Terry Fox’s dream of outrunning cancer continues in annual runs across the world, including the Singapore run this Sunday.
By Dawn Seow
“Dreams are made possible if you try,” said the late Terry Fox, a Canadian distance runner and basketball player who suffered from bone cancer. His dream was to run the length of Canada in the hope of increasing cancer awareness and raise funds for cancer research, and despite his illness he pursued his dream.
At the age of 19, Fox, an athlete, was diagnosed with —a form of cancer that often starts near the knees. He was told that his leg had to be amputated and that he would require chemotherapy treatment. At that time, due to the lack of the medical advances that we enjoy today, he only had a 50 percent chance of survival.
But this fiercely determined individual was not beaten by his condition. He went through the amputation, had a prosthetic leg attached and endured 16 months of chemotherapy. It was during his therapy, when he witnessed other cancer patients suffering and dying in the hospital, that he found a new purpose in life —to give back to the medical advances that had given him a chance of survival, and to live his life in a way that would help others find courage.
In 1980, with only one good leg, 22-year-old Fox launched his Marathon of Hope —a cross-country run to raise money for cancer research. His hope was to raise one dollar for each of Canada’s 24 million people at that time. After 18 months of preparation, his marathon started with little fanfare from St. John’s, Newfoundland. Fox ran the equivalent of a full marathon every day, and soon his act of courage began to attract television stations and newspapers. By the time he reached Ontario, Fox had become a national star and had made numerous public appearances with businessmen, athletes, and politicians in his efforts to raise money.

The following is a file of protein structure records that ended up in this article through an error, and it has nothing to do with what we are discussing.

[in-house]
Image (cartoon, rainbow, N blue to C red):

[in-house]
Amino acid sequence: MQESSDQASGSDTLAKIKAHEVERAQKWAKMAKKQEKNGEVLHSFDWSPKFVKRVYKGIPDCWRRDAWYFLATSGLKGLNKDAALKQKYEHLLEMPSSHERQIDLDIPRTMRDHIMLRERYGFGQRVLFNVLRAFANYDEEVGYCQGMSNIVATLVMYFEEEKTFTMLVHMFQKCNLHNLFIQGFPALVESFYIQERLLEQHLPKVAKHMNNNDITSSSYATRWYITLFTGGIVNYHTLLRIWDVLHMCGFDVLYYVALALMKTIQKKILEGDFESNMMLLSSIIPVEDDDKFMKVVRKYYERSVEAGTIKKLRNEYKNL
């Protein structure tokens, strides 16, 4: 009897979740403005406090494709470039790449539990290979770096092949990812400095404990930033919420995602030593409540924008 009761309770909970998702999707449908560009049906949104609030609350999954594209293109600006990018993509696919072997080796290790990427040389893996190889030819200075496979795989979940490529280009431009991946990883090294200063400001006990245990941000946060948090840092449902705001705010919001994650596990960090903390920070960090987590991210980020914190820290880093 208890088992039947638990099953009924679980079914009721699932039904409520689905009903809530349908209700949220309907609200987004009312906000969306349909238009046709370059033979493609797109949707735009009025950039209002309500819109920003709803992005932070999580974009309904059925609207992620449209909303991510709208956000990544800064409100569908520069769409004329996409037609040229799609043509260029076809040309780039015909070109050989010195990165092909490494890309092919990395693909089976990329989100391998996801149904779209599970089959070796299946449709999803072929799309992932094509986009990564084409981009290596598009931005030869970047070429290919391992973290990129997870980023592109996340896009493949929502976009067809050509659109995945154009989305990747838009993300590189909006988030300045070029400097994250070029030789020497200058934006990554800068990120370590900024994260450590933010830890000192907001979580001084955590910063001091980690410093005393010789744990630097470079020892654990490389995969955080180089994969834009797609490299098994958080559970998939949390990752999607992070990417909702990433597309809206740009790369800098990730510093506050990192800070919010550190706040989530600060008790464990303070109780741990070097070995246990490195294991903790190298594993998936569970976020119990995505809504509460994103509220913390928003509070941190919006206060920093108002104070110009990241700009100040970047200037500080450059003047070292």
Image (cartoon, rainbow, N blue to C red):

However, Fox did not live to see the fulfillment of his dream. He was forced to end his run outside of Thunder Bay when the cancer spread to his lungs. His hopes of overcoming the disease and completing his journey across Canada ended when he died nine months later.
However, he had by then conquered 143 days of running and covered 5,373 kilometers, an astounding achievement even for perfectly healthy individuals. Fox’s efforts resulted in a lasting, worldwide legacy, the Terry Fox Run. First held in 1981, this annual fundraiser has grown to involve millions of participants in over 60 countries and is now the world’s largest one-day fundraiser for cancer research; to date, over CAD550 million has been raised in his name.
Come Jan. 15, Singapore will be holding the 2012 Terry Run. Jointly organized by the Singapore Cancer Society and the Canadian Association, funds raised will go to the Singapore Cancer Society’s research program. This non-competitive event for walkers, joggers or runners will take place at East Coast Park Big Splash Playground and participants can choose from a five or 10 kilometer route.
Registration is still open till the day of the run, but there are a limited number of official Terry Fox Run T-shirts available.
Terry Fox may not have outrun cancer, but his brave actions continue to contribute to cancer researches all over the world, giving others a chance to outrun cancer one day. If you are keen to participate or support the Terry Fox Run, visit http://www.canadians.org.sg/shop.htm for more information and registration details.